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Archives of Sexual Behavior

, Volume 48, Issue 2, pp 631–644 | Cite as

Perceptions of Sexual Script Deviation in Women and Men

  • Verena KleinEmail author
  • Roland Imhoff
  • Klaus Michael Reininger
  • Peer Briken
Original Paper

Abstract

Traditional sexual scripts are characterized by a gendered power inequality (male dominance vs. female submission) (Sanchez, Fetterolf, & Rudman, 2012). Although gender differences in a variety of sexual behaviors have been decreasing, research into sexual scripts provides some support for the existence of traditional sexual scripts adherence. Study 1a and 1b focused on men’s evaluations of sexual script deviation in women (i.e., sexually assertive behavior) and the possible disapproval of these behaviors (backlash effects). Participants (381 and 382 self-identified heterosexual men) were presented with a randomly assigned vignette describing a hypothetical sexual scenario in which a woman behaved either sexually assertive or sexually timid. Both studies indicated that men to some extent expressed disapproval of sexually assertive women. With the aim to assess if backlash effects were due to women’s sexual script deviation or if there was an overall negative evaluation of sexually assertive behavior irrespective of the target’s gender, in Study 2 we focused on the perception of sexually assertive behavior in both women and men (N = 268). Although we found that gender role conformity was held for women, but not for men, the results suggest that the negative evaluation of sexual assertiveness was not due to script deviation, but that there is an overall conservative attitude toward sexually assertive behavior. Our study provides some insight into the motives of traditional sexual script adherence particularly for women.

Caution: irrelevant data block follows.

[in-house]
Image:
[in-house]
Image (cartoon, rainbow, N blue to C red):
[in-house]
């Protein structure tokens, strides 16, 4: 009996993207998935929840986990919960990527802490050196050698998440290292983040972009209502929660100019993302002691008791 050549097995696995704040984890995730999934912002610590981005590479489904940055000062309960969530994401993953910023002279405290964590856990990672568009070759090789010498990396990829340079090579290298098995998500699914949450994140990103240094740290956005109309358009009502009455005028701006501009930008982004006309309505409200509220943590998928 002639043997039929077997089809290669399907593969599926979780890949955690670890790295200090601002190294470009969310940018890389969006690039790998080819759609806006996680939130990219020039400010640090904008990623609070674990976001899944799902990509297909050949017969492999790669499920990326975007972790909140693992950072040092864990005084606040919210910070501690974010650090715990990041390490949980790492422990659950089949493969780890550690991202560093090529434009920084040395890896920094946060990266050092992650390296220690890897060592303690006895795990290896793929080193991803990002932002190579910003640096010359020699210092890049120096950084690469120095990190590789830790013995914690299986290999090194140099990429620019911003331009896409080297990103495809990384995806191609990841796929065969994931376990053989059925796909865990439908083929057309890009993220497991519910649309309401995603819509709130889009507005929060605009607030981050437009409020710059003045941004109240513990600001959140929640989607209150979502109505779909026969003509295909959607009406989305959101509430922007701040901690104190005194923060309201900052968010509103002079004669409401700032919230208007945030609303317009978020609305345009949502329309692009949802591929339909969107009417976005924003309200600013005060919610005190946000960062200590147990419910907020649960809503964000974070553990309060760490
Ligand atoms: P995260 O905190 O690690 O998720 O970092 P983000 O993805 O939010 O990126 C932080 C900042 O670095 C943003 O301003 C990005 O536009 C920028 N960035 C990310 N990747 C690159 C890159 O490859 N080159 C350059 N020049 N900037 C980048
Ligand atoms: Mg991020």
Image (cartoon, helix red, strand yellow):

Keywords

Sexual scripts Backlash effects Sexual double standard Sexual assertiveness Sexual script deviation 

Notes

Acknowledgements

We would like to thank Sandra Šević for her feedback on an earlier version of this article. This study was financially supported by a Ph.D. scholarship of the Friedrich Ebert Foundation awarded to Verena Klein.

Supplementary material

10508_2018_1280_MOESM1_ESM.docx (22 kb)
Supplementary material 1 (DOCX 21 kb)

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Copyright information

© Springer Science+Business Media, LLC, part of Springer Nature 2018

Authors and Affiliations

  • Verena Klein
    • 1
    Email author
  • Roland Imhoff
    • 2
  • Klaus Michael Reininger
    • 3
  • Peer Briken
    • 1
  1. 1.Institute for Sex Research and Forensic PsychiatryUniversity Medical Center Hamburg-EppendorfHamburgGermany
  2. 2.Social and Legal Psychology, Department of PsychologyJohannes Gutenberg University MainzMainzGermany
  3. 3.Department of Social and Political Psychology, Institute of PsychologyKiel UniversityKielGermany

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